13 Inner auxetic foam Use divider pages to break up your presentation into logical sections and to provide a visual break for the viewer. The title can be one or two lines long.

14 Auxetic Materials – What are they ?
Conventional materials have a positive Poisson’s ratio Auxetic materials have a negative Poisson’s ratio - grow fatter when stretched Poisson’s Ratio = _ Change in X Change in Y Evans and Alderson, Advanced Materials, 2000.

15 Auxetic Materials - Background
Auxetic materials have been known for approximately 100 years Field only started to be studied in 1987 by Rod Lakes The term auxetic was coined by Ken Evans - derived from the Greek word auxetikos which means ‘that tends to increase’ Surge in interest since the late 1980’s

16 Auxetic Materials – How they work
Fabricated through a compression, heating and cooling process Foam cell structure determines the overall properties x10 x25 Conventional Cell Structure Auxetic Random Rib Structure Evans and Alderson, Advanced Materials, 2000.

17 Alicona InfiniteFocus optical 3D measurement device
x5 x5 Conventional Foam Auxetic Foam

18 Scanning Electron Microscopy (SEM)

19 Auxetic Materials – Importance to the high strain project
Non-auxetic Auxetic foam to act as ‘smart airbags’ Act behind sandwich structure Auxetic materials are popular for their increase in impact resistance and energy absorption: - Reduce BABT - Reduce / prevent backface signature injury Auxetic Evans and Alderson, Advanced Materials, 2000.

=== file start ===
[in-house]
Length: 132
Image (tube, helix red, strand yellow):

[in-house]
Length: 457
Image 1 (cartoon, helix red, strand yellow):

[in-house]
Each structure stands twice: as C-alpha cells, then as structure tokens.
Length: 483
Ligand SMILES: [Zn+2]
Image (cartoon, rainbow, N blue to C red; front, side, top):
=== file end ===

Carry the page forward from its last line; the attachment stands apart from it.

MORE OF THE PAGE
20 Increase in strain rate
Testing Methods Indentation test Falling drop impact test High energy particle erosion test (350 m/s) Ballistic test Other Testing Methods: Compressive test Tensile test Shear test 3 point bending test Quasi-static cyclic loading Increase in strain rate

21 Where project is heading
Select a standard polymer foam – most likely polyurethane Determine optimum conditions for the selected foam Characterise the foam Test the foam in a number of different situations

22 Acknowledgements The author would like to acknowledge EPSRC and DSTL for providing funding and opportunity for this project, and my project supervisors for all their direction and support.

23 THE END Any Questions ?

24

25 Understanding the threat - Bullets